So, you want my job? Head of corporate communications, British Transport Police

PRWeek takes a sidelong look at recruitment in public sector comms. Do you want Allison Potter-Drake's job as head of corporate communications, British Transport Police?

Do you want Allison Potter-Drake's job as head of corporate communications, British Transport Police?
Do you want Allison Potter-Drake's job as head of corporate communications, British Transport Police?

Name:
Allison Potter-Drake

Job:
Head of corporate communications, British Transport Police (BTP)

Starting salary/salary band for the job?
You certainly don't join the public sector to get rich, but I don’t think a starting salary of £64,407.45 moving up to £76,740.80 is that bad, particularly when you add on London weighting

What qualifications do you need?
A degree is a must, even better is a postgraduate degree. But academic qualifications are only an indication that you have the brain capacity to quickly understand and decipher often extremely complex issues and concepts. What's just as important is common sense, excellent judgement and the ability to make sound informed decisions. Obvious, I know, but you’d be surprised how many leaders you come across that are lacking in those qualities.

What level of experience do you need?
I'd say in the region of ten years or more. Experience is vital in any leadership role. As a head of department and the most senior person in an organisation in a specialist field, everyone in the organisation turns to you for your expert advice, from the new starter to the secretary of state, chair or chief executive – or in my case the chief constable. "Phoning a friend" is rarely an option.

Is previous experience in a public sector comms role necessary/useful?
I wouldn't say it's vital but it is useful. Having an understanding of the processes, protocols, how decisions are made and what the obstacles are likely to be, is going to give you an advantage. Some organisations specifically look for people who have never had public sector experience, believing they bring fresh, innovative ideas and a new way of thinking. Or perhaps they are looking for a particular specialism, such as a journalist or news editor who will be an excellent senior adviser if handling the media is a major priority. However, you often find people who come from other sectors can lack experience of managing people or budgets which creates its own problems.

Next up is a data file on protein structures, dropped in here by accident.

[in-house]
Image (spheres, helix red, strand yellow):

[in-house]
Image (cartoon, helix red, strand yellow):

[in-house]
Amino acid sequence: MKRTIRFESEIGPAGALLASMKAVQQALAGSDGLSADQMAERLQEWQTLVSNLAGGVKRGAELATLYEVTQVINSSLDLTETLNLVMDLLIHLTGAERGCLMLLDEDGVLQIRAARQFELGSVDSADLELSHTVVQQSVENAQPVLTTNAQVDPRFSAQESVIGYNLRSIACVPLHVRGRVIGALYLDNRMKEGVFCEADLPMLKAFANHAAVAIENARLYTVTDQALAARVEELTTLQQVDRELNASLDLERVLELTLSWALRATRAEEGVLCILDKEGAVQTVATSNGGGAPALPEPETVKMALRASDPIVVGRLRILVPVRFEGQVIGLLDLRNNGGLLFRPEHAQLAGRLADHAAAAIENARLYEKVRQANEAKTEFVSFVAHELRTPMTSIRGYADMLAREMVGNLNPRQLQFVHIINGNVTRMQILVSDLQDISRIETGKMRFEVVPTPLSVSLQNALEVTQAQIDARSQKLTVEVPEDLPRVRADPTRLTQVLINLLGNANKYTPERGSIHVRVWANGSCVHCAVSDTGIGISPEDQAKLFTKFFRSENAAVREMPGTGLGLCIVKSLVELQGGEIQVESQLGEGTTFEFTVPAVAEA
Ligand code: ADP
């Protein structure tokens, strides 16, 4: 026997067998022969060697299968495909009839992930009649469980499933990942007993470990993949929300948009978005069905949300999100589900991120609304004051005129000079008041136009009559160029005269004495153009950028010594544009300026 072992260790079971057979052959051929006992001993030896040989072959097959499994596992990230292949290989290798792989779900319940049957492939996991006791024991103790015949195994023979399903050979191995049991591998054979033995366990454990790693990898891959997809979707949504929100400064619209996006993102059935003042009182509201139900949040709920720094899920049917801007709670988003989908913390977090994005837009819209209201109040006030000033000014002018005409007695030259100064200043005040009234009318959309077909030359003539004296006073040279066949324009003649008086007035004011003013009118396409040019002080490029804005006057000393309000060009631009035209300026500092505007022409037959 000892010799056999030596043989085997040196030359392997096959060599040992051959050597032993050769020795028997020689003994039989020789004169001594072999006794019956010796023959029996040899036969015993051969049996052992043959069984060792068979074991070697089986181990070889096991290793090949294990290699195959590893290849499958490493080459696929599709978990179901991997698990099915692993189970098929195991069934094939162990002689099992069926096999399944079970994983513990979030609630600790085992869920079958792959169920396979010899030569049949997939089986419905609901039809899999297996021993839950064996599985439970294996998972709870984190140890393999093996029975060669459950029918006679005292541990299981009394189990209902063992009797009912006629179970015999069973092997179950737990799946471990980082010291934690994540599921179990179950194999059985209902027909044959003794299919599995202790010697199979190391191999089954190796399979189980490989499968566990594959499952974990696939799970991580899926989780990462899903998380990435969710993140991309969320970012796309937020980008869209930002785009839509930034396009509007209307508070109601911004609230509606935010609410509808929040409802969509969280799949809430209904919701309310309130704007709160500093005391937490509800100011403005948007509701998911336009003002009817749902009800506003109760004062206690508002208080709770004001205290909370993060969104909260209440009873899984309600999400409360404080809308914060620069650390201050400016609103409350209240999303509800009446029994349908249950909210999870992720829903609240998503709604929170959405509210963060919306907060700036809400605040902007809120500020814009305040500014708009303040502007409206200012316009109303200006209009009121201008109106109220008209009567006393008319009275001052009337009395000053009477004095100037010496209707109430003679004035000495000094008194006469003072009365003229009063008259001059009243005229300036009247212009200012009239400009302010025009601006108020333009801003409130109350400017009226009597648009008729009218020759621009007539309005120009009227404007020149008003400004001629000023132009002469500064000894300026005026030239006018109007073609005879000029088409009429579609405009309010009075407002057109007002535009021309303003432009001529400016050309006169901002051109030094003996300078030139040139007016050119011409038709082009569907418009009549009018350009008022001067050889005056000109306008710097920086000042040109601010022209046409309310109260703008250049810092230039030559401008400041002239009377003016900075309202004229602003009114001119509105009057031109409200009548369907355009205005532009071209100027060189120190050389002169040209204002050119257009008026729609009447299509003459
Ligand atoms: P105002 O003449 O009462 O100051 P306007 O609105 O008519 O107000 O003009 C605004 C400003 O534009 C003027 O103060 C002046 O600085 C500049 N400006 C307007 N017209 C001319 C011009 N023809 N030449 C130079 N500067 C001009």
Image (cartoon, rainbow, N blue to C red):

What are the main day-to-day challenges?
When you are working with a team that has the reputation of being highly professional and creative and who will always go that extra mile and make the impossible happen, ensuring they have a good work life balance can be difficult. So balancing workloads with resources and saying no to influential clients in a way that doesn't appear unhelpful or obstructive is almost a daily challenge. Protecting the team from the pressures and frustrations that come with being a head of department is another challenge, as this can affect their passion, enthusiasm and innovation.

What is the best part of the job?
Sharing in the success of the team when they've done an incredible job, gives me an intense sense of pride. And we're incredibly lucky to be producing communications that we know directly and positively effects people's lives.

What is the most unusual fact you know as a result of this job?
I'd never heard of "upskirting", which is the term used to describe taking photographs up the skirt of an unsuspecting woman. I didn't realise the police would treat it seriously as a sexual offence – in fact I didn't even know it was something that people did.

If you get an interview, do say?
Don't let them assume age and experience means being stuck in your ways and closed to new ideas and concepts. Rather show them it also means you recognise talent and creativity and know how to motivate and get the best out of others.

If you get an interview, don’t say?
Don't give the impression you know everything. We all learn from our mistakes and the day I stop learning is the day I'll throw in the towel.

If you’re good at this job you might also be well-suited to?
Well, many years ago I use to be an advanced motorcycle instructor and occasionally took part in track racing. The qualities and skills I needed then weren't dissimilar to those I need now: the ability to teach others new skills, getting the best from people, working at high speed, making quick decisions, keeping my head in challenging environments, a willingness to take calculated risks and being competitive.

Please note: Interviewees for 'So, you want my job' are not leaving their current role.


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